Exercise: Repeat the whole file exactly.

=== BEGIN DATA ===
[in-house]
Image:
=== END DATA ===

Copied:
[in-house]
Image: